Peanut Butter Spoon – Emily Bloom

in , , , ,

This month we are highlighting the JDRF  T1D Connections Program and the impact is has on our community!

Read Emily and Evy’s T1D story below, and should you wish to be connected to a JDRF Outreach Volunteer or learn more about the T1D Connections program, contact Betsy Paffmann, Sr. Manager, Community Engagement at

I suggested we meet at Argus Farm Stop where Evy could play with the toy trucks and stuffed animals that the owner offered to the smallest customers. Evy was almost two years old and it would be a miracle if we made it through coffee without a toddler meltdown or a Dexcom alert. Since her diagnosis seven months before, I had learned to stuff a diaper bag with snacks, juice boxes, a backup glucose meter, and insulin.

Somehow this was my first time sitting down with another parent of a child with Type One Diabetes. In the immediate aftermath of Evy’s diagnosis at 13 months old, we were flooded by urgent questions that needed answers. How to correctly dose a child who was just learning to eat solid food? Where on her 25-pound body could we find room for all the injections and medical paraphernalia that she would need? How do we shelter her from the stress we were experiencing as parents? Our daycare would no longer provide services for her and I had to step down from my job: a job that I had spent seven years getting advanced degrees to do. We decided to temporarily leave our apartment in NYC and come back to my hometown of Ann Arbor, MI to get more family support. It was then that I was put in touch with Elizabeth Caswell who proposed we meet up for coffee.

Here is where I should admit that up until that point, I had avoided meeting other parents. Every time someone suggested I talk to another parent I would ask how old their child was at diagnosis. They usually said 7, maybe 5 at the youngest. And I would say, sure, please send me their info, and then I would neglect to follow up. Having a child with an illness or disability can be isolating, in general, but the fact that Evy was diagnosed early was double alienating for me. The questions that I wanted to ask often didn’t apply to parents of older kids. I wanted to know how they managed childcare, tips for calculating carbohydrates for a picky eater (and occasional food thrower), and how to prevent a toddler from pulling out their Dexcom sensor or insulin pump. The challenges of having a toddler were different, not necessarily harder, but just of a different nature than the challenges of a teenager.

Elizabeth was waiting for me on a sofa as I clumsily navigated the stroller through a narrow doorframe. I let Evy loose to dig through the toy bin and I sat down with an involuntary sigh. The first thing Elizabeth asked me was about leaving my job and, for some reason, I felt an instantaneous sense of relief. I would not need to pretend that I didn’t have a life before the diagnosis or that there were not parts of me that existed outside of my mom role. She told me about her teenage son not only in terms of his diabetes but as a person with interests and aspirations. And she told me about the joys of a “peanut butter spoon.” The perfect snack for a kid with T1D. I left the conversation feeling more open-minded about connecting with other parents. Evy would not always be a nearly-two-year old. Someday she would be a nearly-18-year old and there were deep resources out there among parents who had navigated waters that I had only dipped my toes in yet.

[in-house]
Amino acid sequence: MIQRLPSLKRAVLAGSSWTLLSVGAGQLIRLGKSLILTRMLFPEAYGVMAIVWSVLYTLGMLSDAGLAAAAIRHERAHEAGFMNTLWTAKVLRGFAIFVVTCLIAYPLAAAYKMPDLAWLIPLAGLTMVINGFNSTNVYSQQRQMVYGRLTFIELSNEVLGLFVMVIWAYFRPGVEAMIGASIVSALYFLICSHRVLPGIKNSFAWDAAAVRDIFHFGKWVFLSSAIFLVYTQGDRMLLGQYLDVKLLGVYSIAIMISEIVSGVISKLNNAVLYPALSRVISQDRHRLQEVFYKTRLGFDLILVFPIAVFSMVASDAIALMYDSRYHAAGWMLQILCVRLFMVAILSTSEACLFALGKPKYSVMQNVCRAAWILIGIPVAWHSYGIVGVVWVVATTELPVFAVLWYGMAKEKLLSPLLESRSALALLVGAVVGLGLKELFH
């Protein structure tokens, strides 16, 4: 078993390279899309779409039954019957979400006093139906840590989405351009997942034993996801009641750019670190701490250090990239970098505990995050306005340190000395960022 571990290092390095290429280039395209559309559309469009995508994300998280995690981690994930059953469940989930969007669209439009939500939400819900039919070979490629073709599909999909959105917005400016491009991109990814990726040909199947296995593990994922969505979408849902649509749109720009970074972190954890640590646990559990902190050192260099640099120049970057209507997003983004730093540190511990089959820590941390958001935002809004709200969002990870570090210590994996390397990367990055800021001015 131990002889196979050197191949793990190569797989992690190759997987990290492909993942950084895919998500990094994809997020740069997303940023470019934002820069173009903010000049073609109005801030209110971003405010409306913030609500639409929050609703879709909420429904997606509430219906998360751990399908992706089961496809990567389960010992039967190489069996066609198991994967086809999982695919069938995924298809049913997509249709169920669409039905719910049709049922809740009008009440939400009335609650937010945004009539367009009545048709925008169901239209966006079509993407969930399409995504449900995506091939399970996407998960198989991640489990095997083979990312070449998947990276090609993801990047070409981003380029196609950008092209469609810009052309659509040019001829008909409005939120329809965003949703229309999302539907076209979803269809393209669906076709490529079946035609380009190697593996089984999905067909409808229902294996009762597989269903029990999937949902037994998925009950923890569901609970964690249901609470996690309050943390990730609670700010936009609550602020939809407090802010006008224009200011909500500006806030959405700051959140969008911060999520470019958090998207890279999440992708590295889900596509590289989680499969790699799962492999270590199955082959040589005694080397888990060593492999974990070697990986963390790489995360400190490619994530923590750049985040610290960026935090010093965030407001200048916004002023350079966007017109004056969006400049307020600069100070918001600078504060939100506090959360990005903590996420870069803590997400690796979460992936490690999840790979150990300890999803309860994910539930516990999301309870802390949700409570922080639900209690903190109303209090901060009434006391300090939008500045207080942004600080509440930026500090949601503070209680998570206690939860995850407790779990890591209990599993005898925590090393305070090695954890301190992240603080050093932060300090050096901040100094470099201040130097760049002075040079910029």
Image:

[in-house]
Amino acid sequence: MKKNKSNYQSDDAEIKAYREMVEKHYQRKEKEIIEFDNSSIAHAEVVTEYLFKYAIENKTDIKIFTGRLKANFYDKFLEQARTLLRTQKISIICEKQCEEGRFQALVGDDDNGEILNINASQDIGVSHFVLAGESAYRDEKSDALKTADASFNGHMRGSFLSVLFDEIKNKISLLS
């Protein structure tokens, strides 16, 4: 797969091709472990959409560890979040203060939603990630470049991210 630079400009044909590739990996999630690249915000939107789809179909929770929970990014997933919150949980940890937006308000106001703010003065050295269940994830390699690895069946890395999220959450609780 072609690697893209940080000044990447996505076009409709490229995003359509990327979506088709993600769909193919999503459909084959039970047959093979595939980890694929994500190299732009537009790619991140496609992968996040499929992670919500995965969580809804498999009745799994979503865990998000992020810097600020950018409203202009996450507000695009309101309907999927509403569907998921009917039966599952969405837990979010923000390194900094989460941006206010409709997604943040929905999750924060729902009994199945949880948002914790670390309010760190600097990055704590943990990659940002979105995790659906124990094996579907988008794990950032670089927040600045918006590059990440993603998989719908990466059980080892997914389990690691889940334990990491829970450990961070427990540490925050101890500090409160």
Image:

Now we are back in NYC and the world is a very different place. No more meeting for coffee or allowing a child to rummage through a collective toy bin. I have a nearly-three-year old and she is showing more and more of her personality every day. Tonight, she asks for a “peanut butter spoon” to have with her book before bed.

Emily Bloom, Evy’s mom

JDRF T1D Connections Program

The T1D Connections Program is a resource available to the T1D community that connects individuals to others who understand what it is like to live with T1D. Through these connections JDRF volunteers provide emotional support and guidance while also helping families and individuals to become acquainted with JDRF in a meaningful way.

Individuals are matched in their time of need with an Outreach Volunteer (OV), who can relate because they too have a personal connection to the disease and understand the challenges at different stages within the T1D journey. The T1D Connections Program serves in fostering early meaningful relationships as well as ensuring newly diagnosed individuals/families are aware of all that JDRF has to offer in terms of both resources and opportunities to positively impact our mission.

JDRF OV’s play the very important lead role in building early relationships with newly diagnosed individuals/families– welcoming, supporting, guiding, and connecting them to the larger T1D community and JDRF. This is accomplished through relationship building activities throughout the first twelve months post-diagnosis, including making introductory phone calls, sending periodic emails, making invitations to attend and meet at chapter events, and identifying opportunities for further engagement as advocates, volunteers, and fundraisers.